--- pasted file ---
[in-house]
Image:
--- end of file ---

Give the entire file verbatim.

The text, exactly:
[in-house]
Image: